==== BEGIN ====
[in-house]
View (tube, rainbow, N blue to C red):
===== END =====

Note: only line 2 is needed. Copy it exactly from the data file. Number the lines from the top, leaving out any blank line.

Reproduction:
View (tube, rainbow, N blue to C red):